Rise Against drummer Brandon Barnes has sent a letter on PETA’s behalf to his alma mater, the University of Colorado–Boulder (CU-Boulder), urging the school to replace all experiments on live animals in undergraduate science classes with modern simulation methods.As Barnes points out in the letter, students at CU-Boulder currently decapitate frogs, force frightened rats to swim in water mazes, and cut open live rats to expose their hearts, even though superior non-animal methods exist and undergraduate science classes at CU-Denver are taught without using, hurting, or killing any animals.“As a Colorado native and alumnus of CU-Boulder, I was horrified to learn from my friends at PETA that in undergraduate science classes at my alma mater, students cut off frogs’ heads and experiment on their organs, force terrified rats to swim in water mazes, and cut open live rats to observe their exposed beating hearts. After spending the last 14 years playing drums in the band Rise Against, whose primary messages are about fighting injustice, I feel compelled to weigh in on this important issue.“Treating other sensitive, intelligent beings like disposable laboratory equipment is wrong, and—although I was a business and music major at CU-Boulder—I know that there must be better ways to teach undergraduates than by having them needlessly torment, maim, and kill hundreds of animals. In fact, apparently even CU’s campus in Denver, where I grew up, does not include any experiments on live animals in similar courses. I understand that experts such as CU-Boulder emeritus biology professor Dr. Marc Bekoff have provided your faculty members with information on interactive computer simulations and other humane methods available to teach students—a growing majority of whom now oppose animal testing—without hurting animals.“As you know, CU-Boulder states that its institutional vision includes “[t]ransforming how we teach, discover, and share knowledge” and “[b]uilding a 21st-century learning environment.” It’s time for CU-Boulder to fulfill this vision by replacing archaic and cruel teaching methods with ones that are more modern, effective and humane.”Source:PETA
APTN National NewsEverything costs more in Nunavut and fundraising isn’t always easy.Especially considering Nunavut’s remote communities don’t have a lot of money in the first place.APTN’s Kent Driscoll reports crowdfunding on the Internet is changing that.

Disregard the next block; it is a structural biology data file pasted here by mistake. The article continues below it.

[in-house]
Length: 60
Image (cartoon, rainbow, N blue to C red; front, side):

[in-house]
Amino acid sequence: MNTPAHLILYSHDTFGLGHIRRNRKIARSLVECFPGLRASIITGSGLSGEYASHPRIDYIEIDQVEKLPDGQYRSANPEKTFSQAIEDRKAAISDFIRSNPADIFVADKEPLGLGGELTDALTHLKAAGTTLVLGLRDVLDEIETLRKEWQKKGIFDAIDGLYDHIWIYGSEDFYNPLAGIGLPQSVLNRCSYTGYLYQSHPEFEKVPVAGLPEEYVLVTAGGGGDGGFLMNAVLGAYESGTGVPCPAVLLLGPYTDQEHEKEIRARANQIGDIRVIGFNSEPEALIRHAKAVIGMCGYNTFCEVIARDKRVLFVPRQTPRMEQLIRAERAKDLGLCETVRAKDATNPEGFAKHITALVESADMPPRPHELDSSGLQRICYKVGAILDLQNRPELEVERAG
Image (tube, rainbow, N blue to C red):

(Edmonton Mayor Don Iveson, centre, last September with Treaty 6 chiefs. Brandi Morin/APTN Photo)Brandi Morin APTN National News EDMONTON – The choke cherry trees that were planted last year in front of every Anglican Church in the Edmonton diocese to commemorate healing and reconciliation are now blossoming. It is a good sign, says Bishop Jane Alexander – perhaps symbolic of what’s to come. Reconciliation in Alberta’s capital city, which will soon be home to the largest Aboriginal population in Canada, began when the Truth and Reconciliation Commission held a national event there in March 2014. Alexander said her diocese is working to implement the apology the Anglican Church made to residential school survivors through various initiatives. They include providing education to clergy members, community outreach and welcoming cultural practices within the church. Although things are happening, Alexander acknowledges that change will not come overnight. Lewis Cardinal’s parents attended residential school. Cardinal lives in Edmonton and is the co-chair of the Alberta commissioner on human rights and justice, he never expected to see an apology from the government let alone a TRC during lifetime. “So this comes as a pleasant step forward,” said Cardinal in light of the final TRC event held Tuesday. “This is a new chapter. What we heard (Tuesday) is the foreword of that new chapter.” Cardinal resounded TRC Commissioner Wilton Littlechild’s statement that reconciliation is a process that will take generations to unfold. “We’re talking about generational work here – in the sense that we’re not going to change everything in my lifetime. But what we’re going to see is a softening and an acceptance of the Indigenous people in our cities,” said Cardinal. Edmonton Mayor Don Iveson, an TRC honorary witness, was in Ottawa Monday and then flew home to be present at city hall council chambers where a live broadcast of the TRC final report streamed to a packed audience. Following the release, Iveson said he is looking forward to his children being able to learn a more truthful story about the history of Indigenous people, including the injustices of residential schooling. “Frankly, saying Ottawa has to fix this isn’t enough,” said Iveson. “The call has to come from all Canadians so that it is heard by all federal leaders, regardless of the party, so that we can develop a national consensus to take action to address particularly the resource gaps that exist in terms of funding to support the health and well-being, welfare and education of Indigenous people on reserve or in the cities where they reside. Those are treaty obligations.”Boyle Street Community Services cultural advisor Gary Moostoos is optimistic about reconciliation efforts within Edmonton. “I’ve seen that there’s a lot of attempts being made to build relationships with the Aboriginal people,” said Moostoos, who pointed out that Iveson and council members have gone as far as participating in sweat lodges with area chiefs and consult with Indigenous elders. Moostoos also works with residential school survivors and provided support to them in Ottawa this week. He said he’s noticed a shift in their attitudes towards reconciliation. “A lot of anger and frustration and fears have kind of dissipated and they’re feeling safer to be who they are,” he said. He added Mayor Iveson takes his role of honorary witness seriously, which has a big impact on reconciliation for the city, and that Edmonton is setting a precedent for other municipalities. “Other cities have made progress, however, with the leadership we have in place I think Edmonton is going to take lead in being the city that other cities can look up to and will be able to follow suit,” said Moostoos.After declaring a year of reconciliation last year, Iveson announced three main priority areas the city would undertake:– Educate city staff on the history and impact of residential schools– Commit to higher Aboriginal youth participation in civic programs, fill gaps in city programming and allow youth to explore careers in the public service– Create a public space in the city for Indigenous ceremonies and cultural practicesIt’s difficult to measure the effects of initiatives such as educating staff, said Mike Chow, director of Aboriginal relations with the city. “It’s not like mainstream society where you have a semester, a test and then you get a grade. One of the things that we’ve learned about our Indigenous cultures is that learning is lifelong. And it’s never ending,” said Chow. The city is working with various partners and youth to give opportunities to provide leadership training and to become involved with reconciliation. The Sacred Earth project is the first of its kind in Canada and will provide an area within Edmonton where Aboriginal people can practice cultural and ceremonial activities. The project is estimated to cost $6 million and expected to be completed by 2017. Chow said these are a taste of Edmonton’s more long-term “transformational” reconciliation actions to come. The city will review the final TRC reports and recommendations so that further steps can be taken. “I’m really excited about the TRC reports because we were waiting for what the findings would do so we can catalyze with more action. I think with the release we’re going to be taking a look at that in more detail to make sure that our programs, services and activities going forward can align with it,” said Chow. firstname.lastname@example.org